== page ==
Eighteen months ago I had the rare privilege of teaching dance to a unique group of orphans victimized by the 1994 genocide in Rwanda. These teenage boys were innate hip-hop superstars and lived in a safe house in Kigali sponsored by a group called Amani Africa. (See "The dancing orphans of Rwanda," July 20, 2008.)
When I returned to Rwanda last month, I was eager to go back and visit the boys. Instead, what I discovered was devastating: Amani has folded, the safe house is gone, and these kids are back on the streets of Kigali.
All I could ask myself is: Why were these kids orphaned again after surviving a genocide that annihilated 10% of the country's population in just three months? Why can't we, as an international community, prevent mass murder, or at least protect its survivors? Why must an incredibly talented, smart, sensitive and pensive boy like Christian Ntaganda have to live through this nightmare all over again?
"'We just hustle'
Christian is 16 years old, but he looked shocked when I asked him his date of birth: "I have no idea," he replied, through an interpreter. "How would I know?" He is the fourth of seven siblings, all but one of them boys. I taught Christian at the Amani house in 2008 and was able to track him down through Muhudi Gatete, one of the other boys with whom I've corresponded regularly since then.
When I saw Christian, he was thinner than I remembered, and I discovered he was recovering from malaria. He was bitten by a mosquito in the public schoolhouse, because the school has no nets to cover the open windows during the rainy season.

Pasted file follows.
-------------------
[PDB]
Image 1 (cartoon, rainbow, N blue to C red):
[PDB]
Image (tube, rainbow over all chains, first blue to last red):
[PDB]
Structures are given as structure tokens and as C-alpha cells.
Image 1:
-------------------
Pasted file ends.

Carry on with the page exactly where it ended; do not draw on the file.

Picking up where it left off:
"Where are you living now?" I asked.
With eyes cast down, he answered, "We just hustle."
When I met one of Christian's older brothers, the story got worse. Technically, Christian has stepparents, but both are alcoholic and the father is a womanizer, so I am told. Christian's little brother, age 13, has been sent away to Uganda and is getting seriously abused in what sounds like a case of child labor bondage. Christian has no way to pay his school fees, and even if he kept studying, he wouldn't graduate from high school until the age of 22, at this rate.
Reason to smile
Given this grim scenario, I was astonished when Christian informed me that the former Amani boys wanted to get together and have a dance class with me. This boy with little hope of a future nevertheless breaks into the biggest smile as he breaks out into a fantastic hip-hop routine. See for yourself on this YouTube clip taken just last month.
Over the course of my stay in Rwanda, I spoke to several people to figure out how to help Christian and his fellow hip-hop peers. The most effective solution seemed to be boarding school: Putting a child in such a school assures him of a safe place to live, food each day, and of course an education— the best hope to get him out of the Rwandan slums.
I asked Christian if he'd want to go to boarding school. "Of course," he replied immediately. "But it's impossible to afford the school fees."
What it costs
Well, what does it cost? In Rwanda, a good boarding school costs $75 a month, including transportation, food, accommodation and all fees. That's $2.50 per day— a pittance to Americans, but a king's ransom to Rwandans. After hearing this figure, the Dutch volunteer Celesta Duivenvoorde and I agreed to make every effort to raise the funds so Christian can return to school in February 2010.
Perhaps there is no adequate answer to the "Why?" question I raised above. But on an individual basis, at least, almost anyone who reads this possesses the power to create change and prevent the question from being asked again.
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